5. Remove from heat and add vegetables to the orzo.
  6. Add basil, salt and pepper to taste, and a shake of hot sauce.
  7. Add 1 T. vinegar and toss all. Add more oil or vinegar to taste.
  8. Serve at room temperature.
Good as a side dish. To make into a main course salad, add cubed feta cheese or some diced ham or chicken. Can also serve hot if you omit the vinegar.
Readers, what’s your favorite local food? Or the one you most like to read about?


Sunday, June 1, 2014

Two spllinters, three burns, and a great educaiton

Please welcome my guest,KB Inglee, with a really fascinating contribution to my potluck posts. KB writes short historical mystery fiction and is currently at work on a collection of stories set between 1870 and 1890. She works at two living history museums where she learns what she needs for her writing. The staff historians and an archaeologist are founts of information. She tends a flock of heritage sheep and works a water-powered gristmill that was built in 1704. Her joy is showing off the sheep, the mill and the miller's house to school kids. For more pictures check out: Newlin Grist Mill at and Greenbank Mill and Philips Farm at Leave her a message.

 "Joseph's Captivity," her story, set in Colonial America, is a combination of Bible story and myth about colonial life. Joseph is a grumpy hero who undervalues what he has until he is about to lose it. You can find it at:

 KB lives in Wilmington, Delaware with her family, one dog, four cats, three birds and four turtles. She has been a member of Sisters in Crime, and two chapters, Delaware Valley and Guppies, for ages.

 Two Splinters, Three Burns and a Great Education

First off let me tell you that I am not a cook. I can’t light and maintain a fire, nor can I get the lumps out of cake batter.

Never let it be said that this failure ever held me back from doing anything historical. For years I taught kids how to make Jumbles (snickerdoodles) in a Dutch oven and soap over an open fire. I believe that I can’t write historical fiction successfully unless I have done what my characters do and live as they have lived. I actually believe that no one can. I often find errors in historical fiction that wouldn’t be there if the authors had spent a little time in the century they are writing about.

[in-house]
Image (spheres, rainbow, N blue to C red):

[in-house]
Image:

I was delighted when the mill where I worked added a wood-fired oven. I cherished the opportunity to help fire it up (see above about lighting fires), to clean it out for baking and especially to eat anything baked in it. If you are going to bake at nine in the morning you have to start firing it at five. I am an early riser so this was no problem for me.

All of us who used the oven got together to experiment. We brought our favorite recipes (or to be historically accurate, receipts) from home, along with all the equipment we needed. We mixed up whatever we chose to make and cooked it in the oven. I chose a spice cake that my protagonist Emily makes for special occasions (c 1890). I brought a leg of lamb as well. When everything was done we feasted. The food was spectacular. Maybe it was because we had labored long and hard in the cold, because we all had burns and splinters, or because we were in good company. While all of those are true, it may have been simply that food cooked in a wood-fired oven tastes better.

Making cornmeal mush is great fun. You mix cornmeal, salt and water, then sit by the fire and stir it constantly for two to four hours until it is done. I learned something unexpected from doing it. I was wearing jeans and the fire heated the cloth that was right next to my skin to unbearable. I had to keep shifting sides to avoid real burns. When I cook at the mill, I wear a petticoat which doesn’t touch my skin and so I am protected from the heat. Who knew?

I once trekked with Lewis and Clark. I was the head cook for this weekend adventure. The kids learned surveying and mapping, how to keep a journal, do cyphers, and how to keep a camp. The biggest eye-opener for us all was that they had to barter for food. There was nothing in the camp kitchen, so if they didn’t get it we didn’t eat. The trader was kind enough to remind them that food tastes better with salt. He explained the other reasons we use salt in cooking. I’m sure they wouldn’t have thought to get salt, especially since it cost one knife. I'm also sure they would have complained about the taste.

I spend a lot of time trying to convince people that food doesn’t start out wrapped in plastic. When I tell kids that the cute fluffy white animals in the pasture are both meat and wool sheep, they are appalled. Most of them have never eaten lamb or mutton; most of them don’t believe food lives in